“Thanks to the Fulbright I was able to realize my childhood dream of living in New York City. The Fulbright allowed me to study at SUNY Purchase in 2005 with Jim Pugh, John Fedchock, Hal Galper and Jon Faddis and obtain a Master’s degree in 2007. But above all, I took advantage of this dream opportunity to stay in the heart of the city and in particular to develop many projects that are still active today and that allow me to expand my network in music again and again. I think in particular of my precious meeting with producer Robert Sadin (Sting, Herbie Hancock, Placido Domingo) who connected me with so many musicians but in particular with Wallace Roney (Miles Davis’ protege), Oliver Lake, Ira Coleman, and the legendary Paul Motian. I was lucky enough to be able to invite each of these musicians to record with me on several albums and to perform with them in the United States and Europe. In 2006 in New York I created the Samuel Blaser Quartet and have since recorded eight albums, including two in New York.

My encounter with the New York scene has completely transformed my way of looking at music. Classified jazz, crossover, hybrid, avant-garde and classical contemporary, the music I write, record and perform, is anything but mainstream. New York also taught me how to take care in the music business. I found my first manager in NYC who opened so many doors for me. I learned how to sell my projects on the international market with more audacity and confidence, notably by developing good strategies, using the right tools and surrounding myself with an international team of partners (publicists, agents, editors, managers, etc.) who now support my work all over the world.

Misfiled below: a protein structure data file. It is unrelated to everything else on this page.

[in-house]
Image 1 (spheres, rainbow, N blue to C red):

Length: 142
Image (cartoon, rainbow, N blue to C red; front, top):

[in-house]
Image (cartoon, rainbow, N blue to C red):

Being a recipient of the distinguished Fulbright Grant played an essential role in all aspects of the development of my career as a composer and trombonist. Even the very difficult administrative task of obtaining a work visa in America, for which one must prove exceptional talent greatly assisted me. All of the above wouldn’t have been possible without the generous support of the Fulbright Grant.

Since my return to Europe in 2009, I have been fortunate enough to be able to expand my musical language by multiplying fruitful collaborations with internationally renowned musicians such as Daniel Humair, Michel Portal, Pierre Favre, and Marc Ducret. I have acquired through the years, and thanks to my studies in the United States, a solid technique that allows me to carry out my personal projects with great success, a success crowned in 2019 by the European Musician Prize awarded presented by the Académie du Jazz in Paris.”

Read more on Samuel Blaser: www.samuelblaser.com